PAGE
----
Saturday, November 8, 2014

Ed Wood's BLOOD SPLATTERS QUICKLY: 'The Wave Off' (1971)

A fighter pilot contemplates his marriage in Ed Wood's "The Wave Off."

NOTE: This article is part of my ongoing coverage of Blood Splatters Quickly: The Collected Stories of Edward D. Wood, Jr.

The Trents of Plan 9.
The story: "The Wave Off," originally appeared in Freaked Out magazine, 1971.

Synopsis: After flying a successful mission in an unnamed war, Navy pilot Larry is about to land his plane aboard an aircraft carrier when he and several other pilots are given the "wave off," i.e. a signal not to land. Another airplane has fused to the deck, and the crew needs some time to burn it off. Larry agrees to keep circling, but he has limited fuel. 

During the delay, the pilot thinks about his life and his marriage. He and his wife, Helen, had an intensely sexual relationship in the early days, but then she started nagging him to leave the Navy and get a nice, safe, civilian job where he'd earn much more money. Larry's considered doing this, but it would cost him his freedom and his identity. The pilot also thinks back to a time when his wife begged to be impregnated and agreed to raise the child to be as "determined" as his old man. The radio operator gives Larry the all-clear, and the satisfied pilot returns to the carrier, where a meal of steak and potatoes with "rich brown gravy" awaits him in the officers club.

Wood trademarks: War and the military; pilot as hero (cf. Jeff in Plan 9 from Outer Space); joking banter between pilot and ground crew (cf. Plan 9); marital discord; macho husband who goes off on dangerous mission while worried wife stays home (cf. the Trents in Plan 9); alcohol (entire second paragraph devoted to Larry's conversion from bourbon to scotch, "the juice of the gods"); intense focus on women's lingerie, especially anything sheer (wife Helen wears a "sheer pink nightie," a "transparent black shortie nightie," and a "baby doll nightie" with "frilly panties"); fixation on blondes; reference to funeral; remark from wife to husband "You want to go and fly your damned airplanes... go and do it." (compare to Plan 9's "Now toddle off and fly your flying machine, darling.")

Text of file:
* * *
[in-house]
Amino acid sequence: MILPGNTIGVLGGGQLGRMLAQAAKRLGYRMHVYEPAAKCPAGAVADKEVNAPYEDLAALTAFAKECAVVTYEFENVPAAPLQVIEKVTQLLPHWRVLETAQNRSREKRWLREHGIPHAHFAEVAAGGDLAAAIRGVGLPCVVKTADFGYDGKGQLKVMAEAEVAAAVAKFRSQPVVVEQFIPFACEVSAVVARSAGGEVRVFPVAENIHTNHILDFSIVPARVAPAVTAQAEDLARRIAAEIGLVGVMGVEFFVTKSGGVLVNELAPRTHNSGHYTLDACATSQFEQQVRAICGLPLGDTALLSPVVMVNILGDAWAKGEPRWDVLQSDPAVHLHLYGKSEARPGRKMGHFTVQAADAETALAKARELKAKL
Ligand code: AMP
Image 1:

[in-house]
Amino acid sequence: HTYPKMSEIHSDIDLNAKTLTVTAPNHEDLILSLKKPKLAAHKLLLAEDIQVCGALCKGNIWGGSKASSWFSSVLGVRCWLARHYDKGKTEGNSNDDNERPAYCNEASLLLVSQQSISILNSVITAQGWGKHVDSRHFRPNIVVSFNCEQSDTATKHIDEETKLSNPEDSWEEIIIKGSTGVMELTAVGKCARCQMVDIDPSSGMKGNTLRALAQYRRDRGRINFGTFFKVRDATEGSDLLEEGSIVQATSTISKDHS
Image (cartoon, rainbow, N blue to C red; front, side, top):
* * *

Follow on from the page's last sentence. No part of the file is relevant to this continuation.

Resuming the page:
Excerpt: "He'd been a bourbon man for years, actually hated the taste of scotch. In his youth scotch had actually made him puke. But suddenly it was the only drink he craved, not that he was any great drinker. But when the urge hit him his mind lately drifted completely to scotch. Perhaps that was because others had told him it is a rich man's booze."

Sammy's 1968 hit.
Reflections"Whether I'm right or whether I'm wrong, whether I find a place in this world or never belong, I've gotta be me. I've gotta be me. What else can I be but what I am?" 

So go the lyrics to a popular tune from the 1968 Broadway musical, Golden Rainbow, as famously interpreted by Sammy Davis, Jr. That song, an anthem to being true to one's self regardless of the consequences, serves as a perfect window into the muddled mind of Edward D. Wood, Jr. (Is it just a coincidence that this same song pops up in Man on the Moon, another biopic written by Ed Wood scripters Scott Alexander and Larry Karaszewski?)

Eddie must have gotten plenty of sound, solid advice over the years, most of which he ignored. What choice did he have? What else could he be but who he was? Of course, this path wasn't an easy one, and no one knew that better than Ed himself. While reading "The Wave Off," I got the feeling that Ed Wood was once again using the safe realm of fiction to work through his own real-life problems, particularly his marital issues. During the 1970s, Kathy Wood repeatedly pleaded with Eddie to give up on making movies -- particularly his low-paying, go-nowhere collaborations with "Bulgarian bastard" Stephen C. Apostolof --  and concentrate on his job at Pendulum Publishing, cranking out stories and novels for Bernie Bloom. But Eddie couldn't do it. It would have been untrue to his nature.

It is not difficult to imagine Larry and Helen, the husband and wife in "The Wave Off," as stand-ins for Ed and Kathy. When Larry talks about what it's like to be a pilot, it's like Eddie describing being a filmmaker: "I feel I've got control of the whole world. It's like I'm flying around in my own little world, and my world reacts exactly as I want it to." Note that Eddie makes the constantly-nagging Helen a blonde, just like Kathy. The author gives Helen a jealous side, too, having her pout: "Sometimes I think you'd rather be away from me, than to be with me." 

In the story, wife Helen eventually accepts husband Larry for what he is and implicitly -- if not explicitly -- agrees not to change him. I wonder if the same basic thing happened during the Woods' own marriage. If so, it certainly didn't happen as easily as it did in "The Wave Off." Throughout the 1970s, during their stay in the "Yucca Flats" apartment complex, Ed and Kathy were infamous for their loud and raucous arguments.

Next: "The Gory Details" (1972)